I was on safari in Ruaha national park in Tanzania recently, with a group of guests keen on seeing interaction between predator and prey. While driving along the edge of the Ruaha River during a mid-morning game drive we came across a pride of lions fast asleep in the shade of an acacia, and decided to wait in the hope that a suitable animal would come down to drink.
Soon afterwards one of the lioness got up and began looking intently towards some impala. They gradually moved off, and she then began walking with determination up to an area of bush further up the slope and away from the river. She then lay down in the shade of an acacia.
The others remained where they were, and after there was no movement for about half an hour, I speculated that the lioness who had moved was lying in wait for suitable prey, such as zebra, to come down to drink. Then all she would need to do is begin stalking towards the river. When the zebra spotted her she could chase them towards the rest of the pride. It all sounded like a great plan. Meanwhile there was barely a tail-flick from any of the lions, and herds of impala came and went. Eventually the lioness who had moved got up, provoking warning snorts from all the impala in the neighbourhood.
She strolled languidly down towards the others, and we got good views of her greeting some of them, before she slumped down in true lion fashion.
We waited patiently and eventually more impala walked quite close by. Even though they would barely feed two lionesses, let alone six, we hoped that since they were so close there would be an attempt. Not a bit of it!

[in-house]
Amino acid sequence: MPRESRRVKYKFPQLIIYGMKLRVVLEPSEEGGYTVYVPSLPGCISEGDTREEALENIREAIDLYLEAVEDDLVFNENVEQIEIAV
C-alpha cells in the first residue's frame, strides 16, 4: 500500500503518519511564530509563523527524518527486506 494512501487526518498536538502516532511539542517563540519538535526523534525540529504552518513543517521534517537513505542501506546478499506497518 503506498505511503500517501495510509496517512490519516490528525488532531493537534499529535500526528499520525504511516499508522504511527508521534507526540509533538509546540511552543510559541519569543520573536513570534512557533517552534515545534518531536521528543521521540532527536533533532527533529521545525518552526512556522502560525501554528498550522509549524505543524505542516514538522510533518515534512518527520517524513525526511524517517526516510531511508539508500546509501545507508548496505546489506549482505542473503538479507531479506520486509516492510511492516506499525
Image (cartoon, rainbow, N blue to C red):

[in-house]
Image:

The best action was from a young lioness who suddenly got up and rushed at one of the others in play, before collapsing in some prime shade right on the banks of the river, where a cool breeze wafted past.
So we witnessed a “typical” day in the life of lions. Meanwhile we had plenty of time to comment on events throughout our safari, while sipping sodas and beer, and to observe the comings and goings of other wildlife throughout the afternoon. This included a pair of saddle-billed storks who couldn’t seem to make up their mind which part of the river was best, so they flew back and forth a couple of times. We also saw kudu, impala, zebra, giraffe, and elephant in their wanderings down to the water’s edge for a drink.
Perhaps as the dusk light enveloped us and we followed a herd of elephant back up to the bush, the lions may have begun to stir, stretch and prepare for an evening hunt? It is just as likely that had we arrived at the same spot the following morning, there they would be, comfortable and relaxed in their shady corner, flicking the occasional ear to chase away a fly, and a little hungrier.
There are many myths and misconceptions about animals in the African wilds – that jackals are nasty scavengers, that ostriches bury their heads in the sand, that hyaenas can change sex at will, that elephants are scared of mice – but the one about lions being lazy does have an element of truth! On average they sleep 18 hours a day!